Clara Kimball Young (Clara Kimball Young)

Clara Kimball Young

Actress. Known today only to silent film enthusiasts, she was a hugely popular star of the World War I era. Born in Chicago into a show business family, she made her vaudeville debut at age three and entered films with the Vitagraph studio in 1909. She was initially cast in one-reel comedies, but under the guidance of her first husband, actor-director James Young, found her forte playing worldly, sophisticated ladies in films like “Delayed Proposals” (1913), “Without a Soul” (1914), and “My Official Wife” (1914). Raven-haired, with a broad oval face and saucer eyes, Young was considered a great beauty in her time. She was voted the screen’s most popular actress in a 1914 poll and received over 7000 fan letters a week. To prevent her from decamping to another studio Vitagraph sent Young on an extended tour of Japan, but she left Vitagraph in 1915. She divorced James Young the same year. After signing an exclusive contract with producer Lewis J. Selznick (and becoming his mistress to clinch the deal), Young’s fame peaked with her performances in the title roles of “Camille” (1915) and “Trilby” (1915). She had an eye for promising leading men and was credited with giving future stars Edmund Lowe and Milton Sills their start in films. Her last big hit, “Eyes of Youth” (1919), featured a sexy newcomer named Rudolph Valentino. Young was one of Hollywood’s first real divas, a temperamental, high-maintenance woman accustomed to getting her way onscreen and off. By her own admission she spent more money than she cared to count and was embroiled in a dozen lawsuits with producers, business partners, even fans. (An autograph seeker once sued Young for “emotional injury”, claiming the actress had kicked her in the behind). Her appetite for men took an unfortunate turn when she became enamoured with her new agent, Harry Garson, in 1919. The distinguished-looking but shady Garson dreamed of becoming a major player in Hollywood. He took charge of Young’s career and finances and proceeded to manage both into the ground. After alienating the star from all the big studios with his outrageous demands, Garson formed his own company (with Young’s money) and personally directed her in eight pictures, all of them flops. When Young finally gave Garson the boot in 1927, her wealth and fame were history. Talkies saw her doing extra work for $20 a day, a far cry from the $200,000 a year she had once commanded. In 1932 most of Young’s belongings were sold at public auction to pay her creditors. She was too proud to seek bankruptcy protection. Young made no films after 1941, but late in life she gained some local notoriety as a sort of woman-about-town, sought after at Old Hollywood parties for her eccentric manners and salty conversation. She handled her fall from grace with surprising aplomb, or at least she pretended to. When a reporter found Young living in a tiny apartment without a single memento of her career, she explained, “Oh, I threw away all my old scrapbooks and things. I live today, in the rocket-ship age. To hell with the past!” She died at the Motion Picture Country Home. (bio by: Bobb Edwards)  Family links:  Spouse:  James Young (1872 – 1948)* *Calculated relationshipCause of death: Stroke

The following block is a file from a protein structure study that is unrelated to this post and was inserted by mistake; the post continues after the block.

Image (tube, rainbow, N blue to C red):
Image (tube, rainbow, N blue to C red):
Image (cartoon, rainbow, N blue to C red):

• September, 06, 1890
  • USA


  • October, 10, 1960
  • USA

Cause of Death

  • Stroke


  • Grand View Memorial Park
  • California
  • USA

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